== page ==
John Lackey: “I don’t know what the hell happened”

17 Comments

Red Sox fans certainly weren’t shocked last night when John Lackey couldn’t get through five innings with 11 runs of support, but Lackey himself seemed plenty surprised:

I can’t explain it, man. That’s the best I’ve felt in the bullpen warming up all year. I don’t know what the hell happened. The first inning, I was definitely missing some locations, probably overthrowing it a little bit because I felt pretty good. After that, I mean, you’re going to have to go back and look at some of those pitches and look at what happened. Don’t just look at the line score.

I’m sure Lackey is incredibly frustrated about his season, but for a guy with a 6.49 ERA to say “don’t just look at the line score” after his 27th start of the year and suggest he was “overthrowing it a little bit because I felt pretty good” is tough to get behind, especially considering he stared down Terry Francona when the manager mercifully yanked him from the game while the Red Sox still had a lead.

Yesterday was the sixth time he’s failed to make it out of the fifth inning and the seventh time he’s allowed six or more runs, so how Lackey felt warming up in the bullpen probably doesn’t mean much at this point.

Rays lose, clinching postseason berth for Athletics

Thearon W. Henderson/Getty Images
Leave a comment

The Rays lost 4-1 to the Yankees on Monday night, which clinched a postseason berth for the Athletics just as they began their own game against the Mariners. For the 94-62 A’s, it’s their first postseason appearance since 2014 when they lost the AL Wild Card game to the Royals.

Major League Baseball celebrated the Athletics’ achievement by tweeting this fact: The A’s are the first team since 1988 to make the postseason with baseball’s lowest Opening Day payroll ($66 million).

Yay?

John J. Fisher, who has owned the A’s since 2005, has a net worth approaching $3 billion. The Athletics franchise is valued at over $1 billion. Yet the A’s have never had an Opening Day payroll at $90 million or above and have consistently been among the teams with the lowest payrolls. The cultural shift towards embracing analytics has allowed the A’s to get away with investing as little money as possible into the team. Moneyball helped change baseball’s zeitgeist such that many began to fetishize doing things on the cheap and now the league itself is embracing it.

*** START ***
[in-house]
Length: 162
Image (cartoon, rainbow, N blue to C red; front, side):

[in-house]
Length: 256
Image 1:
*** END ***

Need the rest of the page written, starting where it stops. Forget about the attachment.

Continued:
What the fact MLB tweeted says is actually this: John J. Fisher was able to save a few bucks this year and the A’s still somehow made it to the postseason.

The Athletics’ success is due to a whole host of players, but particularly youngsters Matt Olson, Matt Chapman, Sean Manaea, Daniel Mengden, Lou Trivino, among others. All are pre-arbitration aside from Manaea. When it comes time to pay them something approaching what they’re actually worth, will the A’s reward them for their contributions or will they do what they’ve always done and cut bait? After reaching the postseason in 2014, the A’s traded away Josh Donaldson, Brandon Moss, Jeff Samardzija, and John Jaso. Each was a big influence on the club’s success. Athletics fans should be happy their favorite team has reached the postseason, but if the team’s history is any precedent, they shouldn’t get attached to any of the players. Is that really something Major League Baseball should be advocating?